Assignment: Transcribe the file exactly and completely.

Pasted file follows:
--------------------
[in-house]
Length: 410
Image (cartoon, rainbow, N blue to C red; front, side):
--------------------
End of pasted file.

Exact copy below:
[in-house]
Length: 410
Image (cartoon, rainbow, N blue to C red; front, side):